On Tuesday (Sept. 13), China criticized a report released by the UN office for human rights on alleged abuses in Xinjiang. A statement had been read by a Chinese envoy calling out the UN body, and claiming that around 20 other countries had expressed support to Beijing.
The report from Aug. 31 stated that "serious human rights violations have been committed" and that the incarceration of Uyghurs and other Muslims in China's Xinjiang province may constitute crimes against humanity. China had requested that the UN not make the report public. China vehemently rejects any wrongdoing.
Initial support for Beijing's so-called unified statement at the UN Human Rights Council, however, was weaker than some observers had anticipated. This could give China's detractors more confidence.
As a response, democracies are currently considering a potential historic motion against China, including a potential investigative mechanism, according to diplomats who spoke to Reuters. In the council's Tuesday session, where nations are debating the report for the first time, the United States, Canada, and the European Union were among those who welcomed the Xinjiang findings and expressed alarm.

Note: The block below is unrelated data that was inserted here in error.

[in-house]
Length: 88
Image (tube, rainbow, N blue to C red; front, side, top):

However, Chen Xu, China's envoy, dismissed it as a false "smear," claiming that it was founded on lies.
"We are deeply concerned that the OHCHR, without the authorization of the Human Rights Council, and the consent of the country concerned, released the so-called assessment on Xinjiang, China ...," he said in a separate statement.
According to a representative of the UN council, Egypt and Pakistan were among the 21 nations who have so far signed the declaration.
However, a Reuters count revealed that only seven of those who supported China presently had a vote at the Council, which consists of 47 members and requires a majority to pass resolutions. "They won't be happy with that," one diplomat said.
Nepal, Nigeria, Morocco, and the United Arab Emirates were among the nations who had previously expressed support for China on human rights problems but were not on the current list; however, they could join later as the list is still open.
"The UN report has made it hard for many countries, in particular Muslim ones, to stay silent ..." Raphael Viana David from the International Service for Human Rights said.
Diplomats reported that both China and Western nations have been actively campaigning in response to the Xinjiang report. "Everybody has been lobbied," one diplomat, who said his country would not support either side, said.